Woman finds art treasure for $2

Monday, January 14th 2008, 10:24 am
By: News 9

By Doug Warner, NEWS 9

For those who rummage through garage sales and flea markets on weekends, admit it. You know deep down inside you're hoping to discover some hidden gem?

We all have "panned for gold" at garage sales and flea markets--you can't help it, it's only natural. Nancy Williams said she wasn't even "panning" when a great find jumped out and grabbed her.

"When I saw the picture, it was so intriguing," she said. "I knew it would be a good conversation piece."

A teacher, a bar lady, a nun and a washer-lady--that's how Nancy Williams described the four women in the gold-toned painting she bought at a garage sale for a couple dollars.

She may have thought the four would make for great conversation, but the piece never made it to her wall. The painting sat behind her couch, collecting dust.

Then one day, Williams was at a thrift store and noticed an original Jack White painting hanging on the wall.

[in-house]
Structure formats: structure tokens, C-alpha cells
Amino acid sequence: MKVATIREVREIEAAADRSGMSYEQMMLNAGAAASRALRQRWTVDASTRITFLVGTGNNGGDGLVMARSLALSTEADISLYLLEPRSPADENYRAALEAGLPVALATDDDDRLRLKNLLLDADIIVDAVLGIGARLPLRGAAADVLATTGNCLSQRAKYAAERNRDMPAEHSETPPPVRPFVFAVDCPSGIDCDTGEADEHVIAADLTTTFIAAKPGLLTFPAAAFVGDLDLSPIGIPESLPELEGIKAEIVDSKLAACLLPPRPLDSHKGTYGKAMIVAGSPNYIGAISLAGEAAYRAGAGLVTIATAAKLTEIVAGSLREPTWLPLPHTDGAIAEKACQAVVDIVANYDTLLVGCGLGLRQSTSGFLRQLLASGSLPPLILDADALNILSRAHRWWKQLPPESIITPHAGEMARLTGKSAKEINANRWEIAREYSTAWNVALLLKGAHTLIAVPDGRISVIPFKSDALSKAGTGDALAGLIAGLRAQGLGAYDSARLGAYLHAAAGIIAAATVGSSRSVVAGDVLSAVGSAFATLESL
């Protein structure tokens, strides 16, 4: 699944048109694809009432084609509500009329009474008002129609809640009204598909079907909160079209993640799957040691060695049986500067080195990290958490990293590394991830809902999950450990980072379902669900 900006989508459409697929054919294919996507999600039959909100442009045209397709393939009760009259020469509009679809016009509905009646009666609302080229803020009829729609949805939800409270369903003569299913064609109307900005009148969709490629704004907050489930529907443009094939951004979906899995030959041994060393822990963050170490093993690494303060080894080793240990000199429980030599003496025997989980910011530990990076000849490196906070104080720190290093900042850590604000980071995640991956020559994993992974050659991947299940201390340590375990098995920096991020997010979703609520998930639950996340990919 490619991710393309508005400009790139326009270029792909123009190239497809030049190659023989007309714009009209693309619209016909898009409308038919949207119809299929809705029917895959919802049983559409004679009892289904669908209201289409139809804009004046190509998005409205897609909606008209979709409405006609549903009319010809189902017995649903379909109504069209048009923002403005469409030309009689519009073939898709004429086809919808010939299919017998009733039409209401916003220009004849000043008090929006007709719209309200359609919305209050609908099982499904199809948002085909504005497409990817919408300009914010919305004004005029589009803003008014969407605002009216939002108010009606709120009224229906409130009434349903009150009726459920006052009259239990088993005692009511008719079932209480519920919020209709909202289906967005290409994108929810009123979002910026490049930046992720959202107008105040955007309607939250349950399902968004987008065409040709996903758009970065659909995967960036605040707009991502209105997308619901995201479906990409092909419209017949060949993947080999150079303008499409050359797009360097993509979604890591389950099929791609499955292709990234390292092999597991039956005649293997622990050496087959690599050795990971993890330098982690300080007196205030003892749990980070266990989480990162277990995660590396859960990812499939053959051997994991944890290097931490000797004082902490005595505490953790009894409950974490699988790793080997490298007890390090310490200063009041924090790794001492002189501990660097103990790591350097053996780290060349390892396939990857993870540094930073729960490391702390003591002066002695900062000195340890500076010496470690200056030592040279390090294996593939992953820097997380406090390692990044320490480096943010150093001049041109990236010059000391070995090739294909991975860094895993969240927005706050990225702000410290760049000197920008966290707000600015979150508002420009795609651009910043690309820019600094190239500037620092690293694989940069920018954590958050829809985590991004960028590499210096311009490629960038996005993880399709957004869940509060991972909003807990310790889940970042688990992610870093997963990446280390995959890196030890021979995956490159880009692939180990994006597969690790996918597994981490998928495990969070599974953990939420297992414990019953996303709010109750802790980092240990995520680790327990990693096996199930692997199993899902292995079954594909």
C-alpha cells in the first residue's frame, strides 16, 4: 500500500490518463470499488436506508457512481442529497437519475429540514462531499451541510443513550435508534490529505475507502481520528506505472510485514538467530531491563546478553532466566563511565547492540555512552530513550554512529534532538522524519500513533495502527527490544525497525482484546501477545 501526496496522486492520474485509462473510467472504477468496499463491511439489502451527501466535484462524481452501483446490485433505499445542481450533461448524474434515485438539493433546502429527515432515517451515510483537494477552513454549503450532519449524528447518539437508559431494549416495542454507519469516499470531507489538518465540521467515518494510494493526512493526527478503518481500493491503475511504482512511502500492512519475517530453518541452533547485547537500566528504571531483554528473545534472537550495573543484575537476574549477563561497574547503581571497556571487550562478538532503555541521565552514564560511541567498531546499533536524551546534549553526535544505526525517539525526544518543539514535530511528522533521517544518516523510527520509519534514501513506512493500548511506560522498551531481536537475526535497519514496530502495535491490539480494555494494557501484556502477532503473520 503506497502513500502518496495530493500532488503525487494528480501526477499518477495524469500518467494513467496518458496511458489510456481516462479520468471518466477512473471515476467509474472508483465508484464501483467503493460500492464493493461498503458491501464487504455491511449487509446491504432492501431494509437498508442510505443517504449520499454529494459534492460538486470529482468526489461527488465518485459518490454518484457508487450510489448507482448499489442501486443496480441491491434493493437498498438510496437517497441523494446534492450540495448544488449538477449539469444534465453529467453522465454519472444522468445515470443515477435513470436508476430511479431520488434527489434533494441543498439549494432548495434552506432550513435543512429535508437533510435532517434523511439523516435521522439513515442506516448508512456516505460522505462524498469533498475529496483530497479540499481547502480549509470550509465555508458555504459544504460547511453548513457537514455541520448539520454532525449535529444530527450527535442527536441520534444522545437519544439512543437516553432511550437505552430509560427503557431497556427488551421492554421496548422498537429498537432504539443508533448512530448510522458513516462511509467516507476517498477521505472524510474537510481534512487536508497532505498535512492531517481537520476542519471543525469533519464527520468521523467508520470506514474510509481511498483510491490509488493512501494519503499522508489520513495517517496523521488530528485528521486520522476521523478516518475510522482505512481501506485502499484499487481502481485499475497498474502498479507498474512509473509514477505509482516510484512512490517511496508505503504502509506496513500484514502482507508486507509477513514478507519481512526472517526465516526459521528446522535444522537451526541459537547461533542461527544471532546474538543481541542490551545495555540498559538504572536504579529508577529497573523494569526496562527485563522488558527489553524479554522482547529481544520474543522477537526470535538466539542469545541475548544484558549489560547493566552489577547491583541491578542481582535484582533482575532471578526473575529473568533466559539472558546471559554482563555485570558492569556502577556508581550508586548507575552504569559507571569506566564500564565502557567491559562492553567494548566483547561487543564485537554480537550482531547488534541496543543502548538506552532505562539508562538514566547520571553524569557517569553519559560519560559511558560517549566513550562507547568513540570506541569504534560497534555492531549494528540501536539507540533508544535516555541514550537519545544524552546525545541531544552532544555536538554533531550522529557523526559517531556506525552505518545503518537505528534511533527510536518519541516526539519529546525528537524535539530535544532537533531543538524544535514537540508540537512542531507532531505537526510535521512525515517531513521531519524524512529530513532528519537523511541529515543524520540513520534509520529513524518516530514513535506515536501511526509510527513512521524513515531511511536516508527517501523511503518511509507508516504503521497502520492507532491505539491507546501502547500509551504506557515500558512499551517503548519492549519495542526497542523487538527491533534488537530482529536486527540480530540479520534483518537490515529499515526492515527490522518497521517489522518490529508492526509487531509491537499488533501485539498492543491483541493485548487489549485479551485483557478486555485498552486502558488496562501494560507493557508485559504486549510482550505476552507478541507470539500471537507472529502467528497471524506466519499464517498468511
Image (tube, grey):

"I was looking for old wooden frames that I could refinish," she said. "I said, ‘Surely someone wouldn't put a Jack White in a thrift store.'"

But someone surely did, and once Williams went home to investigate her same gold-hued painting, she realized she too had a Jack White original sitting behind her couch.

Jack White, a Texas painter, is better known by art experts for his oil paintings.  However, if you ask White he'll tell you his "gold leaf" works is what he's remembered for the most.  And he said it's a style he created.

"Almost never a week goes by I don't hear from someone," said White. "When you sell a half million dollars of art a year as a new artist, it's really a phenomenal thing."

White said he got requests from everyday collectors to everyday fast food joints across Texas and Oklahoma--and beyond.  After giving up the art of painting for the art of writing, White said it's humbling to see just how many people still care.

"I'm overwhelmed," he said.

As for Williams, she's hoping both of her $2 finds might fetch her a pretty penny. However, she realizes beauty, as well as  value, will be in eye of the purchaser.

A half dozen Western museum's throughout Texas and Oklahoma priced the painting at varying amounts. An appraiser in Nevada familiar with Jack White's work did say he's valued many of White's paintings anywhere from $1,000 to $50,000.

If you're interested in learning more about Jack White, visit his website at http://www.jackwhiteartist.com.